I walked on, and a few people were looking up at the ticker-tape news coming in. More than normal - in New York, it was considered uncool to look up, unless you were an out-of-towner. But these people didn't look like day-trippers.

The sentence that was curving around the building in red-on-black letters said that one of the Twin Towers was on fire. That was all. It was getting close to 4pm and - I thought - part of the World Trade Centre was burning. I made my way back to the subway; maybeI could go downtown and see the fire before they put it out.

But the stop on 42nd was shut. A notice advised people to walk ten blocks north to the next station, where there were only trains going uptown. Time to go back to 125th, find somewhere in the neighbourhood that had a television. I had been awake for well over and hour now, but still hadn't spoken to a single person. Something had happened, but I had no idea what.

On the carriage uptown, a few people were standing around a man who had been to a one-hour photo shop. He was showing them pictures of what I still thought was a fire at the World Trade Centre. Looking over other people's shoulders, it was hard to see the photos or make out what he was saying. Getting out at my stop, I made my way to the Mexican deli on the corner of our block.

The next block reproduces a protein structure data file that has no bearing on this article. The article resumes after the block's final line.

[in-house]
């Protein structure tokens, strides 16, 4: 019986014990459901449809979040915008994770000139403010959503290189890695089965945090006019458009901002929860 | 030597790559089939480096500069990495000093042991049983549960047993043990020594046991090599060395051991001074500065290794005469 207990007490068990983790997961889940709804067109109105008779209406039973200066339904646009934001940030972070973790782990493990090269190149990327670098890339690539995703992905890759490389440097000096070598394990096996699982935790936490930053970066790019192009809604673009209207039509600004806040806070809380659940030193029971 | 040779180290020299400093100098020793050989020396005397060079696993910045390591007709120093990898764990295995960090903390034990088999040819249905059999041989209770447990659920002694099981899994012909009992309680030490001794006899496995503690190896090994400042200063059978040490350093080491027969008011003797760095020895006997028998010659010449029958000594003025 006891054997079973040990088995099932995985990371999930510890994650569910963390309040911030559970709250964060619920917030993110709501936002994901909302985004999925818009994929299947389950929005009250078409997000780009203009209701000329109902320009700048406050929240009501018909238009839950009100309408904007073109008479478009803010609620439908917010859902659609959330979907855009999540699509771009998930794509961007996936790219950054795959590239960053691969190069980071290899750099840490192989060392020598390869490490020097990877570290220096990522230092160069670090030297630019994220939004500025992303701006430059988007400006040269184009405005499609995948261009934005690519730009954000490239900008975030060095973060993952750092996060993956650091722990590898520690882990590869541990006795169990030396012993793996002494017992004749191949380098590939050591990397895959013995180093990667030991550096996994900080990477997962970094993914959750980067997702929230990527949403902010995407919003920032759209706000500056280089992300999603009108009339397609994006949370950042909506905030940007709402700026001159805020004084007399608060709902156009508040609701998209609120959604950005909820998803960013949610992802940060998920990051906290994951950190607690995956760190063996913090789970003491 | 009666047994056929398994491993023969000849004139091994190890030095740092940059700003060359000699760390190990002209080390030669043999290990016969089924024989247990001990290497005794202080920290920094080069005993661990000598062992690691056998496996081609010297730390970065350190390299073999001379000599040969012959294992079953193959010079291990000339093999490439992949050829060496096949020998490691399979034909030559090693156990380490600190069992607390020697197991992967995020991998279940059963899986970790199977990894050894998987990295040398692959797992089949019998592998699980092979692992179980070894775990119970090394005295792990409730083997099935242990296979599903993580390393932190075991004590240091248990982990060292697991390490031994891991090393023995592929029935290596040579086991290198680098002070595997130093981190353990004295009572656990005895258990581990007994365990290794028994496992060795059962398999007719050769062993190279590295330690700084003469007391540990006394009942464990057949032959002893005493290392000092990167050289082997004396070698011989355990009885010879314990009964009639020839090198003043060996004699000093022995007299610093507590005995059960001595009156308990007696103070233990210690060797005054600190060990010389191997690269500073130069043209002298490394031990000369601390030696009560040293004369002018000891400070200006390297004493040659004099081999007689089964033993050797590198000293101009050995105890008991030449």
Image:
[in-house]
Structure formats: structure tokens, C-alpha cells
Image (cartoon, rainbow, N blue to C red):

I walked in to a place that, before that day, I remembered for its accelerated air-conditioning and surly service. Above the counter, a small television replayed images that had been playing around the world for the past 8 hours.

A plane crashed into one of the Twin Towers. Then another plane hit the neighbouring one. And then they fell.

And then they fell.

I stood there, watching it happen again and again. New York is the kind of city that often makes you feel as if you're in a movie. But this was something else entirely. What was going on?

Later that evening, Peter Whelan returned from work. For the first time ever in apartment 11, the radio was turned on. All was still confusion, but reactions were coming in apace. Over a six-pack, myself and Peter discussed what had happened, and the day he had while I was sleeping.

He told me that, after his shift, he had gone to the World Trade Centre to volunteer, as he had some training in CPR. But they were only letting in expert emergency crews at that stage. Peter was thinking about going back tomorrow, he said. Although he had to work in the morning, so it was unlikely.